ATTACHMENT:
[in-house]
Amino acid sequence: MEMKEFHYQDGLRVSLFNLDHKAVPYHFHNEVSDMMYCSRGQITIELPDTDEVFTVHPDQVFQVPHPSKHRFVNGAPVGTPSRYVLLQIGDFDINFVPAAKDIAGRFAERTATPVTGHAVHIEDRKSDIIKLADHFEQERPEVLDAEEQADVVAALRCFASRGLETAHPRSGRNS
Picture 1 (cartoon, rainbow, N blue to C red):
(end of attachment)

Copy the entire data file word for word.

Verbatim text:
[in-house]
Amino acid sequence: MEMKEFHYQDGLRVSLFNLDHKAVPYHFHNEVSDMMYCSRGQITIELPDTDEVFTVHPDQVFQVPHPSKHRFVNGAPVGTPSRYVLLQIGDFDINFVPAAKDIAGRFAERTATPVTGHAVHIEDRKSDIIKLADHFEQERPEVLDAEEQADVVAALRCFASRGLETAHPRSGRNS
Picture 1 (cartoon, rainbow, N blue to C red):